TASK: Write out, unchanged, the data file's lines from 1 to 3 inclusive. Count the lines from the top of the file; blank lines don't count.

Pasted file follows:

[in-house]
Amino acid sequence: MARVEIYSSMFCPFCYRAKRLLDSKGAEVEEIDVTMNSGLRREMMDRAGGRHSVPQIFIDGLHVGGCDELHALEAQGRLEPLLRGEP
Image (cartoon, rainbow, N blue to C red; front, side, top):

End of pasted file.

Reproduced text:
[in-house]
Amino acid sequence: MARVEIYSSMFCPFCYRAKRLLDSKGAEVEEIDVTMNSGLRREMMDRAGGRHSVPQIFIDGLHVGGCDELHALEAQGRLEPLLRGEP
Image (cartoon, rainbow, N blue to C red; front, side, top):